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(Message started by: 1200firestarter on Apr 20th, 2007, 9:24pm)

Title: need to have a Master/PhD to work in patent?
Post by 1200firestarter on Apr 20th, 2007, 9:24pm
I have a gpa of about 3.4 out of 4.0 from a very decent school, 1 year of experience working as an engineer in semiconductor digital design (my work involves little research, mostly development), before graduating i had several internships from companies like motorola. like many of u i'm a little tired of engineering and eyeing on to start a career within the patent sector.

Title: Re: need to have a Master/PhD to work in patent?
Post by 1200firestarter on Apr 20th, 2007, 9:26pm

so here are some of the option i'm pondering on,
1. get a job as a patent agent (i wonder if not having any MS or phD will decrease my chance of getting into the core of this industry)
2. go back to do a Master in EE
3. go do a J.D (study in USA)  or LLB (study in UK) and just what are my chances of getting into a top law school?
4. do a master in intellectual property

please advise which of these option would help more in the long run?


THANKS.

Title: Re: need to have a Master/PhD to work in patent?
Post by plex on Apr 20th, 2007, 9:38pm
1) If you want too
2) It isn't necessary for someone with a BS in EE
3) 25% higher pay than option 1, and scales better, getting into a top school will depend entirely on you destroying the LSAT, if you intend to do this, set aside at least a few months where you will be doing absolutely nothing else except study for the test, it is very very difficult, you would be looking for a score in the mid 160s or higher for a top school. You can do just as well though at a non-top school if you obtain a well above average GPA there, the lower the school, the closer to the top you will have to be. (you are in a little better position though with an EE degree, a firm will go a little bit lower into the class ranks to pick one up than they normally would)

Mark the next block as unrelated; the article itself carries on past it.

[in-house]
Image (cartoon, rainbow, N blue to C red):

4) A master in IP is a LLM, and you have to get a JD first, not necessary unless you want to go into academia

Title: Re: need to have a Master/PhD to work in patent?
Post by 1200firestarter on Apr 20th, 2007, 9:47pm
hey thanx!
so would u say that the master in EE is pretty irrelevant to working within the patent industry?
i thought tat firms prefers their ppl come from big name schools and have uber high qualification so they can bill their clients more easily?
i mean, what are these firms really looking for within a candidate?

Title: Re: need to have a Master/PhD to work in patent?
Post by plex on Apr 20th, 2007, 11:15pm
They are looking for experience more than anything else, they don't like training people.

But, they are happy to take people with high ranking/top schools and with the technical degrees they need. You only need a BS if you have an EE degree, a masters is overkill. Pure science degrees usually tend to need to have a PhD to be really competitive though, so you will definitely see some PhDs from other degrees.